"We are excited about the potential that this collaboration offers to the millions of patients suffering from vascular or degenerative eye diseases, such as macular degeneration," said Corey Goodman, Ph.D., president, Pfizer Biotherapeutics and Bioinnovation Center. "Not only does this collaboration with EyeCyte complement our internal research efforts, it is a great example of the investment Pfizer is making in academic and biotech partnerships to accelerate research in emerging areas of science where there is still great medical need. With the financial support and complementary ophthalmology expertise from Pfizer, Dr. Friedlander and his team at EyeCyte will now be able to further advance this highly promising research in an environment that allows them to keep their autonomy, culture and entrepreneurial spirit. This approach truly is a win-win proposition for Pfizer, for EyeCyte and for human health, and we are excited to be at the forefront of incubating highly promising research, like this, through our partnership model."
The preclinical research at Friedlander's laboratory that led to these novel - and potentially, therapeutically useful - discoveries has been funded through grants from the National Eye Institute (NEI) of the National Institutes of Health (NIH). In June 2007, his lab was awarded a five-year grant from the NEI to support the development of the use of adult stem cells as a therapy for treating the most common types of vision loss. The particular funding mechanism used to support this work, an "R24," is an NEI/NIH program specifically designed to facilitate collaborative research for the therapy of visual disorders.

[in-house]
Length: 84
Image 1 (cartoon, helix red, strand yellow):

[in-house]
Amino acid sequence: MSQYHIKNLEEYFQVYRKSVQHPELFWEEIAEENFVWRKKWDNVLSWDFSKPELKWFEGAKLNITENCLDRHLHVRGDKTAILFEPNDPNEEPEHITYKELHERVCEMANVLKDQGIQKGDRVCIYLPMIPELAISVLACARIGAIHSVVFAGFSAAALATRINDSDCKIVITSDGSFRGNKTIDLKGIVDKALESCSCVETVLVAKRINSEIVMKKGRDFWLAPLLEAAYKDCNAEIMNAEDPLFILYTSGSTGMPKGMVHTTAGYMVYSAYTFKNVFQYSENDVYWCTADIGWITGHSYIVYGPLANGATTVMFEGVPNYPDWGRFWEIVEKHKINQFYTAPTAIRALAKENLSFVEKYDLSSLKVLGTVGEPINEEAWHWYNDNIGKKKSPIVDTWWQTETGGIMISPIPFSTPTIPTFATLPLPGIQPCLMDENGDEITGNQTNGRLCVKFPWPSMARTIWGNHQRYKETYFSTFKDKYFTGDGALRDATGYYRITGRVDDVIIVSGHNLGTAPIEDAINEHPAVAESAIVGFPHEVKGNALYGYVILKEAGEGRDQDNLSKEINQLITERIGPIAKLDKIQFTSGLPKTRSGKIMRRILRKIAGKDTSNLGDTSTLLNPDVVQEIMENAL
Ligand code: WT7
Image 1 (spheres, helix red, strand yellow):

"Something interesting and potentially very important is happening here - we may be seeing discoveries of investigator-initiated research, funded by NIH, pushed to the clinic more rapidly by the investigators through creative collaborations among non-profits, biotech, and big pharma," said Paul A. Sieving, M.D., Ph.D., director of the National Eye Institute. "Our goal in the next several years is to develop this new approach to treating retinal diseases to the point it can be tested in the clinic," said Dr. Friedlander. "While the NIH grant goes a long way towards enabling us to translate the pre-clinical work into clinical application, the recent investment by Pfizer in EyeCyte provides us the means, in part, to meet the extraordinary expenses associated with developing a clinical product that we can take to the FDA for evaluation and, ultimately, to patients."